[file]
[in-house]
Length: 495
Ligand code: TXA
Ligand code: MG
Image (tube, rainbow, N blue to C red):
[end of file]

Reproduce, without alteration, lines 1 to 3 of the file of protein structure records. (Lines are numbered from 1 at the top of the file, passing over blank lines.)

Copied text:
[in-house]
Length: 495
Ligand code: TXA